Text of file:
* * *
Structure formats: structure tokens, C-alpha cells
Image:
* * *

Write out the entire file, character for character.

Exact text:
Structure formats: structure tokens, C-alpha cells
Image: